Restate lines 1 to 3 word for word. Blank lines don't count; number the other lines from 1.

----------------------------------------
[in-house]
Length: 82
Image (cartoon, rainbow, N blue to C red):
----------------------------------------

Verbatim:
[in-house]
Length: 82
Image (cartoon, rainbow, N blue to C red):